Colin Supko, CEO of PatriotList.US, didn’t set out to be a tech startup founder. Instead, the Lake Tahoe, Nevada, native felt most fulfilled leading men around the world as a Navy SEAL Commander. But one unexpected day in Iraq changed all of that.
In 2004, a year remembered in military circles for the ferocity of its fighting, Supko was deployed to the Iraqi city of Fallujah. One afternoon, a fellow warrior walked into the command center after a satellite phone call home. Visibly distraught, he informed Supko that his wife had been robbed at gunpoint while selling an old family car through an online classifieds site.
The moment prompted Supko to consider why there wasn’t a safer way for military families to buy and sell things.
“The last thing deployed service members should have to worry about is loved ones at home being robbed or scammed,” said Supko. “We launched PatriotList.US because we saw a tremendous opportunity to serve our nation’s 22 million military and veteran families by creating a safe peer-to-peer marketplace. ”
Fast forward to 2014, and Supko had earned a master’s degree in business management from Stanford’s Graduate School of Business, gotten married, and begun the grueling work of building the solution he’d dreamt up so many years before – all while continuing his military service. In early 2016, the PatriotList.US team ran a successful pilot program in southern California. Last month, the mobile app, which allows military and veteran families around the world to buy, sell, and trade exclusively with each other, finally emerged from stealth.
Supko says PatriotList.US offers a safe alternative to the shadowy world of online and mobile marketplaces.
“You or someone you know has probably been scammed, robbed, or stood up while trying to manage a transaction with a total stranger,” said Supko. “Our app provides a rating system that buyers and sellers can use to review the other person at the end of the transaction. This system ensures that if bad actors do emerge, they’re quickly eliminated from the marketplace.”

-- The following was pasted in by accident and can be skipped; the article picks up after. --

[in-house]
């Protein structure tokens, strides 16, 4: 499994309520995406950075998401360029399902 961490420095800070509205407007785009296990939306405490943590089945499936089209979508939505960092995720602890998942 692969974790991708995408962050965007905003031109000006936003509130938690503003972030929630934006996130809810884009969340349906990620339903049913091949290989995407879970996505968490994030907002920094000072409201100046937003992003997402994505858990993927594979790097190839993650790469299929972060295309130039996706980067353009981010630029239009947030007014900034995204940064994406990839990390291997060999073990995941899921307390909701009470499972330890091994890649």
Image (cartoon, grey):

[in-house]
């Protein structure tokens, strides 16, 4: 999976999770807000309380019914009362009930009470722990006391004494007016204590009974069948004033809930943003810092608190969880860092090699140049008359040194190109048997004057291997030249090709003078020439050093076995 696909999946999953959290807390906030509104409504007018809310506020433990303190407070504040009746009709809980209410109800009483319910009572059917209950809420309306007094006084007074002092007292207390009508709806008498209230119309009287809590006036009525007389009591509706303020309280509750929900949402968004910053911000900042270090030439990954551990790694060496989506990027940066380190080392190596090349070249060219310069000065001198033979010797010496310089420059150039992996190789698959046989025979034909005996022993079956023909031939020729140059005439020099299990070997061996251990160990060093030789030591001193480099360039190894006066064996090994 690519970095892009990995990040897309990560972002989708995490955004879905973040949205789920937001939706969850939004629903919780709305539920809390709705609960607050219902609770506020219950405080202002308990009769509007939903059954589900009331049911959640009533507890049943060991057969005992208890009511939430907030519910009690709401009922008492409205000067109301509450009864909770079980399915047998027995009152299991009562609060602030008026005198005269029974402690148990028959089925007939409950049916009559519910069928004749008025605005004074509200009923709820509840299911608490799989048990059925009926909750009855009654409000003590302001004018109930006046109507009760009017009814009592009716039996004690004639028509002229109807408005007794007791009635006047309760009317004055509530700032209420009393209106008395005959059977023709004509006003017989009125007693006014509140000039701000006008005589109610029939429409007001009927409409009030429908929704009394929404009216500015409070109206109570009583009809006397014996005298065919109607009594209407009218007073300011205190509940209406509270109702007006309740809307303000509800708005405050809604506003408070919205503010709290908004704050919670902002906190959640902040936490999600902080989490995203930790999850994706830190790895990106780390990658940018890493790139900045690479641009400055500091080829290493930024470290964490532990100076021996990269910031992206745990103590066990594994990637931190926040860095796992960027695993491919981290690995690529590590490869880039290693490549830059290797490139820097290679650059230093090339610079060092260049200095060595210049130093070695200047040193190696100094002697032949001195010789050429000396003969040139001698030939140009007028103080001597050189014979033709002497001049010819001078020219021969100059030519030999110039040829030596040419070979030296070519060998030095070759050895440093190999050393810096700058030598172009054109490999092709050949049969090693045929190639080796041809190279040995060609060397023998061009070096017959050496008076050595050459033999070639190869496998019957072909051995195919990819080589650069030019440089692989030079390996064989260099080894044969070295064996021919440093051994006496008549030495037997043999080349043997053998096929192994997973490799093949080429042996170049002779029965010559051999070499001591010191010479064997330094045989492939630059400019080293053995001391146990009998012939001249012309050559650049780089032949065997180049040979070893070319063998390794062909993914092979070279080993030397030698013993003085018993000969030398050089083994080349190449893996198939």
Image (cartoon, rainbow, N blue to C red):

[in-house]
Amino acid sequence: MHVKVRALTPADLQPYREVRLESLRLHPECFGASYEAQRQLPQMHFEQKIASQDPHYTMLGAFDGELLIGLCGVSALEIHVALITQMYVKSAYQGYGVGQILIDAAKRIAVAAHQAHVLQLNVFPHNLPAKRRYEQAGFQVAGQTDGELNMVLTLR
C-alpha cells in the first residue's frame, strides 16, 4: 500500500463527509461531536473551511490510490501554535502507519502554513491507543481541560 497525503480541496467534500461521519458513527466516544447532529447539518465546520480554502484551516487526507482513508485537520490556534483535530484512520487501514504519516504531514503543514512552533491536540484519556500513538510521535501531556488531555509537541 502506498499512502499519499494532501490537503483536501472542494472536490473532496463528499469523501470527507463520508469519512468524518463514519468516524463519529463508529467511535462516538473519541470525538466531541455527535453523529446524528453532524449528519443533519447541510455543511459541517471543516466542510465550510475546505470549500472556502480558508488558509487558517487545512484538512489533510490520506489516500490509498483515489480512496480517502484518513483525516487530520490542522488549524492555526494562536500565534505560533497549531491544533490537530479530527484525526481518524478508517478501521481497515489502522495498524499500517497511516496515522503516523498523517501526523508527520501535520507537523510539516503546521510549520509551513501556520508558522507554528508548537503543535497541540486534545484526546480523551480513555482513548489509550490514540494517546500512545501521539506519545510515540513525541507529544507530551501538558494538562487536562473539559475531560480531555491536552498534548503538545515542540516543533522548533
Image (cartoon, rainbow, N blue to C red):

Importantly, he notes, the app is also simple to use.
“You can take a picture of what you want to sell, then upload it using the app in under 30 seconds,” Supko said. “Military spouses tend to sell things like ball gowns, furniture, and children’s toys, while active duty service members and veterans are more likely to post gear or gently used vehicles.”
Available on iOS and Android devices worldwide, the app uses an identity verification service that has access to government databases to ensure every user on the platform has a valid connection to the U.S. Department of Defense or Department of Veteran Affairs.
“Unlike the most commonly used marketplaces in the United States, where anonymity and safety concerns remain constant, there is trust and reliability inherent to our military and veteran communities,” said Supko. “Military and veteran families already keep faith with one another and prefer to do business with each other. We’re just making that easier.”
Communication between buyers and sellers is done through in-app messages, while payment options include PayPal, in-app escrow, and cash.
The company aims to become the safest local marketplace in the world.
Supko acknowledges that there are competitors in the military marketplace space, but believes that his team and company have what it takes to be successful.
“We’ve built the most secure and intuitive solution for military and veteran families looking to buy, sell, and trade safely,” said Supko. “Now, it’s about letting folks know we exist so we can start making a difference in the lives of those Patriots who sacrifice us all!”
To start buying, selling, and trading with other military and veteran families, please visit www.patriotlist.us and download the PatriotList.US app for Android and iOS devices.